September 17, 2015

Negotiating Better Outcomes in Divorce

173776883-chasm-man-woman-silhouette-gettyimagesUnderstanding the difference between interests and positions could make all of the difference in helping you negotiate a better outcome in your divorce.

Position-Based Bargaining: Most people have a tendency to negotiate by arguing in favor of their positions. In divorce, this type of “position-based” bargaining can actually make it more difficult to get what you want. Once you and your spouse become locked into positions, the need to defend those positions can lead to a lengthy and expensive divorce. Often position based negotiations come to an end only after both parties have reached a point of physical and emotional exhaustion only to reach a “meet in the middle” agreement. One of the many problems with meeting in “the middle” is that the best solutions may have existed outside of either position. Creative negotiation that avoid positions and focus on interests can lead to outcomes that are better for both parties.

Interest-Based Bargaining:   In divorce, couples start by determining their interests and look for true “win/win” scenarios. In order to appreciate how interest-based bargaining works, it is important to understand the difference between positions and interests.

Positions are narrow; “win/lose” proposals can only be satisfied in one way. For example, statements such as “I want Sole custody” or “I need $5,000 per month in support” or “I must have the house” represent positions that require the other person to “lose” in order for you to win. On the other hand, “interests” (sometimes called goals) focus on big picture desires that can be satisfied in many ways. Statements such as “I want our children to be kept out of the conflict” or “I want financial stability for both homes” or “I want us to be able to communicate better in our co-parenting” are requests to have an important interest met.

One of the advantages of focusing on big-picture interests is that you and your spouse are likely to have many of these interests in common. Therefore, although working on the details of how these interests can be met will still require some problem solving skills (and some bargaining) the negotiation becomes easier because you are both working toward these important common goals.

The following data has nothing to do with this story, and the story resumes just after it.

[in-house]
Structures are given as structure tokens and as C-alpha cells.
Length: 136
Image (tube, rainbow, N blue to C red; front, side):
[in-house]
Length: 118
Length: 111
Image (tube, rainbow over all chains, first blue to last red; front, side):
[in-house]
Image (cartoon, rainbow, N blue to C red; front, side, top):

Interest-based bargaining is a skill that needs to be developed over time. Divorce negotiations are usually improved when the professionals involved have significant training and experience in this method so that they can teach these skills to their clients. Most mediators and Collaborative professionals have training and experience in interest based bargaining. To locate a professional who understands this method to interview and to learn more about interest based divorce negotiation go to www.collaborativelaw.org or www.divorcechoice.com.

Ron OuskyABOUT THE AUTHOR
Ron Ousky
Attorney, Ousky Law Firm

Ron Ousky is a Collaborative Attorney and mediator who has worked with divorcing families for thirty years and focuses on helping his clients find better outcomes through Collaborative Practice, mediation and other creative alternatives. Ron is also the co-author of The Collaborative Way to Divorce, and has trained divorce lawyers throughout North America and in Europe. He is also the co-founder of the Collaborative Alliance, an office sharing suite in Edina, that brings lawyers, mental health professionals and financial experts together to find better solutions for families. To learn more about Ron and his practice, go to www.Ousky.com

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